This group of players, even without the addition of quality veterans such as Redick or Iguodala, has every business surpassing the .500 mark during an 82-game season. With either being added, or, preferably, both, the Sixers legitimately turn into an Eastern Conference contender.
Winner? Maybe not. But contender, yes.
They are that close. How about we stop being afraid of owning that?
Screw patience, and screw your superstitions with thinking that being positive and progressive equates to an automatic jinxing of the whole process.
► Chris Paul to the Houston Rockets makes no sense here. It goes beyond the L.A. Clippers being crazy with letting the face of their franchise go and the “fit” seeming awkward at best.
Thing is, James Harden ain’t just going to hand over the ball to Paul – despite what the likes of Screamin' A believe. The guy completely remade his game from scorer to floor general who can score, and, in the process, taken his status from all-star to surefire Hall of Famer. Seriously.
Yours truly may have been adamant about Russell Westbrook being the clear-cut MVP all season, but there is no denying that Harden was a rock-solid No. 2 in that department, and pretty much a 1 any other season with the type of performance he gave.
Paul, clearly, is the more natural point man. It’s what he born to play. It’s completely natural for him. Sweet. Smooth. Almost machine-line in terms of precision and ingenuity.
But Harden proved to be truly special in recording a campaign almost the equal of Westbrook’s historic 2016-17, and he did while handling the ball, statistically, even more than Paul.
No, he will not give up the rock that easy. Nor should he … which is why Wednesday’s trade made little to no sense.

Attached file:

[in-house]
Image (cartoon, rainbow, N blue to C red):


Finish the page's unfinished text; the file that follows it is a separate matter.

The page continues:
► Cannot stand Carmelo Anthony’s game. Just reeks of stats and no substance. However, for some reason, kinda have the vibe he’d excel in Cleveland … obviously, thanks to being under the influence of LeBron James then.
Put his shooting touch, desire to score and size (people forget Melo is 6-8, 240) on the Cavaliers this season and, gotta say, not so sure we’re talking about a Golden State dynasty still weeks after the latest Finals were completed.
Not that he’s a better player than Kevin Love, the likely “ousted” should a deal go down, at this point. He just remains a more aggressive, cocksure one. Also a more consistent one.
► If Boston pulls things off in which it gets both Paul George and Gordon Hayward this summer, no apologies ever need to be made to the Celtics fan base for trading the No. 1 pick to Philly. Heck, if the Eastern Conference runners-up get either one, forget any “sorry.”
They’d have trumped any deal made thus far this summer, including their own with Philly or the one that sent Paul to Houston. George has been a known commodity for years and Hayward has skyrocketed from nice player to near-superstar.
Either would supply Boston the firepower it was sorely lacking in the playoffs against LeBron and Co.
► Phil Jackson got shown the door in New York? Yo, Knicks, it’s about damn time …